q Cyber-security strategies can no longer neglect data security - Business Reporter

Cyber-security strategies can no longer neglect data security

Scott Chenery at Kiteworks shares his insights into the fundamental necessities of keeping cyber-secure

Data loss or theft, identity theft or even ransomware: cyber-security is one of the main concerns of all companies in the world, given the current crisis. From now on, they must not only protect themselves from attacks by isolated hackers, but also from organized gangs with substantial financial and technological resources.

The stakes are real for any company that is attacked and include its very survival and reputation. The following tips will help firms to really protect themselves from these attacks – especially if they use a content protection platform.

Sharing is creating a breach

The objective of hackers is simple: to exploit system vulnerabilities as quickly as possible in order to take control. In a world that is increasingly collaborative and based on teleworking, sharing information is vital. Knowing that anything can happen between sending a file and receiving it, the process must be secured.

Very often, the business applications available on the market are not natively secure, i.e. they are not integrated at the design and development stage. The security layers are added after the functional layers. Companies use these business applications to share information with their external partners (auditors, customers, suppliers, etc.). Hackers can intercept information and use it to carry out phishing or cyber-extortion attacks.

Setting up a secure platform dedicated to information sharing can prevent this type of attack, provided that it offers real security features – MFA, encryption, but also AI to alert the SOC team to any threats in real time.

Address data security first of all

A common mistake in security is to think of the environment first. Typically, companies use solutions, tools and resources to protect themselves on two levels: the network and the applications. But they often forget about data protection – which is paradoxical, considering that data is the ultimate target of the majority of attacks.

Data is shared and stored. Regardless of the channel used, it is exposed to risk as soon as it is shared, hence the widely adopted protection of its environment. But it is not enough to protect data during transmission, it must also be protected wherever it is stored. It is therefore essential to secure data on an ongoing basis to complement the cyber-security solutions already in place.

The best approach is to choose a platform developed specifically to prioritise data security. This platform is designed to prevent and reduce the level of exposure to attacks. It also supports the teams in the event of a problem, by providing visibility, traceability and auditability of transactions and movements using integrated logs and dashboards.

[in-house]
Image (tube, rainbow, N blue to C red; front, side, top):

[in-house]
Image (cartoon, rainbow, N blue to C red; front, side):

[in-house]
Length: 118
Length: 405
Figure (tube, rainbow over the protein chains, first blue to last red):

Put the focus on users

It is important that users do not perceive protection from attacks as an obstacle course. If they don’t adopt the implemented system, the risk of failure increases – the development of shadow IT, for example. Against this backdrop, we can define two types of user.

The first type comprises the IT teams who, thanks to the chosen platform, will consolidate the security requirements. Having a single centralised solution saves time and resources for IT departments and operational IT staff.

This is reflected in the integration of the platform into the existing information system and its subsequent operation. They will ensure that it is easy to implement and operate, but above all that it is compatible with all types of deployment (on premise, cloud, multi-cloud, hybrid) and with their technology partners such as Google or Microsoft, to name but two.

They will also check with their provider that it includes a bug bounty programme along with regular and systematic pentests in its product development cycle. It should be noted that the validation of each version must be carried out by a certified CISO.

The second type are the users within the organisation who need simple access, ease of use and smooth operation. The platform must therefore be accessible from any browser, while the implementation of plugins for the most popular software and applications is a real additional asset to make the user experience intuitive.

In the same way, to address all the needs of the company, the platform must be able to offer the user a space to send emails securely or to share files directly using the browser deployed in the company.

Given the exponential increase in attacks and the importance of protecting against them, companies must now shift their paradigm and move to an offensive security strategy. Most of the applications they use were secure and reliable when they were implemented but do not necessarily remain so in the long term. Any system is vulnerable and hackers know this better than anyone.

Security must therefore be integrated into the entire lifecycle of a solution, from design to development – even if it means imposing specific training on the dedicated teams – right up to its production launch, and then be maintained in the ongoing monitoring of vulnerabilities. The main objective is to thwart zero-day attacks, which exploit unpatched vulnerabilities, as early as possible.

Scott Chenery is Regional Manager UK & Ireland at Kiteworks

Main image courtesy of iStockPhoto.com

© Business Reporter 2021

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